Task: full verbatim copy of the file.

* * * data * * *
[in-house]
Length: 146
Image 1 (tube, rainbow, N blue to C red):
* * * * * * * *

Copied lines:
[in-house]
Length: 146
Image 1 (tube, rainbow, N blue to C red):